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Making European citizenship visible and effective

OPINION of the European Economic and Social Committee on Making European citizenship visible and effective

Making European citizenship visible and effective

Key points:

The formal inclusion of European citizenship rights in the recent treaties has not been enough to stop the rise of euro-scepticism in public opinion.
It is urgent to enable European citizenship to be used fully.

Firstly, the EESC proposes to put right particularly unjustified deficiencies in Europe, i.e.:

  • re-start work on and adopt rapidly a European statute for associations;
  • do the same as regards a European statute for mutual societies;
  • create a simplified European statute open to SMEs;
  • implement the Community patent between the Member States which have ratified it;
  • remove all double taxation, at least in the eurozone;
  • ensure non-discriminatory portability of social security benefits.

Secondly, the EESC proposes to develop a more citizen-oriented governance of the Union, i.e.:

  • put right the media's failure to make people aware of Europe by encouraging best practices, with the support of a European audiovisual agency;
  • upgrade the consultation phase in preparing projects, by ensuring they have more added value for citizens;
  • identify and justify publicly the reasons for proposals concerning European citizens' rights being blocked at the Council or withdrawn by the Commission;
  • promote socio-professional self-regulation and co-regulation in all areas of direct relevance to civil society;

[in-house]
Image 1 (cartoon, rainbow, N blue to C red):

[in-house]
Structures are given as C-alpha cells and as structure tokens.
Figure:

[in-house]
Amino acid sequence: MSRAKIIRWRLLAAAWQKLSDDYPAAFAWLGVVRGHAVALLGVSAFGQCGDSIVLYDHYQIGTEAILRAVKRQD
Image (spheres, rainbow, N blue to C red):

• set out the ground rules, in liaison with the various single market support agencies, for a concept of European public service, ultimately including a Europeanised customs service at the EU's external frontiers; develop more interactive methods of providing information about Europe;
  • involve socio-professional players in the interventions of the Structural Funds on the ground.

Finally, the EESC proposes to promote joint initiatives with a strong identity content, such as:

  • giving greater priority to EU budget funding of particularly significant major European projects (trans-European networks, research, advanced technology);
  • investing in ambitious European education and training programmes, not least in the field of languages, including a European non-military voluntary service scheme that is attractive to young people;
  • getting celebrities to talk about their sense of having a "European" identity;
  • investing in equally ambitious European cultural and media programmes, with a common statute for foundations and sponsors;
  • making particular progress in economic and social integration in the eurozone;
  • adopting decisions of major political significance, such as electing the European Parliament on the same day, making 9 May a European public holiday and bringing forward a European right of popular initiative.